Thanks to David Leslie of Lyons Davidson for preparing this case summary.
Do allegations of bad faith have to be put to a dismissing officer in an unfair dismissal case?
Yes, if they are central to the employment tribunal's reasoning, held the EAT in Sec of State for Justice v Lown.
The Claimant was dismissed following an allegation that he had punched a prisoner in the back during a planned intervention.
The employment tribunal found that the dismissing officer was acting in bad faith and did not have a genuine belief in the Claimant's misconduct. However, that issue was not put to the dismissing officer, either during cross-examination or by the tribunal.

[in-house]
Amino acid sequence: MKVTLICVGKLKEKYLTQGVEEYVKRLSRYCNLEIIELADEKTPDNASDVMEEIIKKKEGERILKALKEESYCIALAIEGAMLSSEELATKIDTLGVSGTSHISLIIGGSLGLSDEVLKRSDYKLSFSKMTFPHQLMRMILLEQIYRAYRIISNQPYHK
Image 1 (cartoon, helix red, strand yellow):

Upholding the appeal, HHJ Eady held that "the Respondent should have been given the proper opportunity to deal with the case" (paragraph 50). The EAT found that the employment tribunal had failed to consider whether the Respondent's conduct fell within the band of reasonable responses, substituting instead "the only correct standard of what the reasonable employer would have done" (paragraph 57).
The employment tribunal also should have considered a Polkey reduction when there was "a finding of substantive unfair dismissal" (paragraph 61).